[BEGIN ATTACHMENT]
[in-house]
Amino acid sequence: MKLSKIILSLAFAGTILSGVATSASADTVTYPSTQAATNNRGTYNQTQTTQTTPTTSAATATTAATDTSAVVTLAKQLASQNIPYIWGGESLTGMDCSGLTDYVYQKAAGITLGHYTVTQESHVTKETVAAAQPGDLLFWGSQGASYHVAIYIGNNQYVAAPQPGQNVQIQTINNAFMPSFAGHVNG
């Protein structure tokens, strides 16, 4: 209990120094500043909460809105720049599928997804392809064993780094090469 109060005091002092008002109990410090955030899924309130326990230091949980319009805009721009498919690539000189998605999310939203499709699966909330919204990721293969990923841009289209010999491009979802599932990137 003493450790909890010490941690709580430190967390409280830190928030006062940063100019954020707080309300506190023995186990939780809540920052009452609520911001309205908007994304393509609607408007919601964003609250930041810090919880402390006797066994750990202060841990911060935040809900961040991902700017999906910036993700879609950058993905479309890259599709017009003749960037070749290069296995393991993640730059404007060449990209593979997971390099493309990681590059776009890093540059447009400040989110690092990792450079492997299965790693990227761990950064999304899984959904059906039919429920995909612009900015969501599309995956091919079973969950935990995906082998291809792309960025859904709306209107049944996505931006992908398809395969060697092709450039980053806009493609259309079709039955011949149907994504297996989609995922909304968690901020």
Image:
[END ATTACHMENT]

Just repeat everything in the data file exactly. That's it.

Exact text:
[in-house]
Amino acid sequence: MKLSKIILSLAFAGTILSGVATSASADTVTYPSTQAATNNRGTYNQTQTTQTTPTTSAATATTAATDTSAVVTLAKQLASQNIPYIWGGESLTGMDCSGLTDYVYQKAAGITLGHYTVTQESHVTKETVAAAQPGDLLFWGSQGASYHVAIYIGNNQYVAAPQPGQNVQIQTINNAFMPSFAGHVNG
């Protein structure tokens, strides 16, 4: 209990120094500043909460809105720049599928997804392809064993780094090469 109060005091002092008002109990410090955030899924309130326990230091949980319009805009721009498919690539000189998605999310939203499709699966909330919204990721293969990923841009289209010999491009979802599932990137 003493450790909890010490941690709580430190967390409280830190928030006062940063100019954020707080309300506190023995186990939780809540920052009452609520911001309205908007994304393509609607408007919601964003609250930041810090919880402390006797066994750990202060841990911060935040809900961040991902700017999906910036993700879609950058993905479309890259599709017009003749960037070749290069296995393991993640730059404007060449990209593979997971390099493309990681590059776009890093540059447009400040989110690092990792450079492997299965790693990227761990950064999304899984959904059906039919429920995909612009900015969501599309995956091919079973969950935990995906082998291809792309960025859904709306209107049944996505931006992908398809395969060697092709450039980053806009493609259309079709039955011949149907994504297996989609995922909304968690901020």
Image: